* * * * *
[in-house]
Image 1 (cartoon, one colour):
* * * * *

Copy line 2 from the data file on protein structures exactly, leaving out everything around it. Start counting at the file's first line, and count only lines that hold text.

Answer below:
Image 1 (cartoon, one colour):